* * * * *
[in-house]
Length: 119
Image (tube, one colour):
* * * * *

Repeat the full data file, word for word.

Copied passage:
[in-house]
Length: 119
Image (tube, one colour):